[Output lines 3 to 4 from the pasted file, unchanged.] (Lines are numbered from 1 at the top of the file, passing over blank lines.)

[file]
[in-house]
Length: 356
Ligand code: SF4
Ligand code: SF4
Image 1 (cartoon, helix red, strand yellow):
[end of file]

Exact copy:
Ligand code: SF4
Ligand code: SF4